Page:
Dancers Responding to AIDS
A Program of Broadway Cares/Equity Fights AIDS
Organizations Nationwide Give Hope to People in Need
In Manhattan’s diverse neighborhood of Harlem, the incidence of HIV/AIDS is staggering. With limited access to quality care, education and treatment, the rate of infection is five times the national average and HIV-positive people in Harlem are 50 percent more likely to die than in Manhattan as a whole.
“I was at my lowest when I was first diagnosed,” said Fayetta, who’s been living with HIV for 30 years. “I couldn’t get more depressed. I didn’t even want to wake up anymore. At the time, it seemed like the worst news in the world.”
Feeling alone and hopeless, Fayetta reached out to Harlem United Community AIDS Center, one of the 462 AIDS and family service organizations nationwide that received a grant in 2016 from Broadway Cares/Equity Fights AIDS.
“I started having grandchildren and I realized I want to be around for them,” Fayetta said. “Now, thanks to Harlem United, I know how to live with what I have and how to let the medicine work for me. I went from living on the streets and scraping the pavement to having a place to sleep at night and recovering.”
Broadway Cares awarded a record-breaking $6.6 million this year to AIDS and family service organizations in all 50 states, Puerto Rico and Washington, DC. These grants give hope, opportunity and empowerment to those in need across the country.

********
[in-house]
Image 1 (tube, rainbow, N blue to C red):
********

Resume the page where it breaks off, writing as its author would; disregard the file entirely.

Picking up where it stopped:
Valentine was living in California when he was first diagnosed with HIV. He assumed his life in music would become a casualty of his status. “I had lost a bunch of weight,” Valentine said. “Friends and family were visiting and it felt like they were paying their last respects.”
Although people are living longer thanks to advancements in medication and awareness, HIV transmission rates remain the same today as they did in the 1990s. Of the 1.1 million people living with HIV/AIDS, 76 percent are men.
After moving to Coeur d’Alene, ID, Valentine sought help from the North Idaho AIDS Coalition. Once he was given the correct medication to regain his strength and the mentorship to fuel his self worth, he was able to rekindle his love of music. He now channels his emotional journey into his songwriting.
“My diagnosis impacted my spirit,” Valentine said. “My music is emotional and those emotions come from my spirit. I feel like I was given the chance to start over. I may have old experiences that determine my path, but I am so thankful for this new life I get to live.”
North Idaho AIDS Coalition’s 2016 grant of $10,000 was part of the summer’s largest grant round, which awarded more than $2.2 million to 299 organizations. The funding supports direct services and case management, supportive housing programs, emergency financial assistance, harm reduction programs and quality of life services.
Earlier this year, Broadway Cares awarded $1.8 million to 118 organizations for food service and meal delivery programs. Helping ensure nutritious meals reach those in need remains a high priority for Broadway Cares as it is an essential part of a lifesaving regimen.
In March, $842,000 was awarded to 45 nationally recognized AIDS service and advocacy agencies. The work of these agencies directly impacts the hundreds of service providers Broadway Cares funds.
With support and encouragement from the AIDS and family service organizations Broadway Cares awards grants to, the most vulnerable among us are given a newfound sense of hope and purpose.
“I choose to think of this virus as a blessing,” Fayetta said. “I have the right medication and it’s working. I’m living to see my grandchildren become adults; they’re 19 and 17. I never thought I’d get this far.”
National Grants By Fiscal Year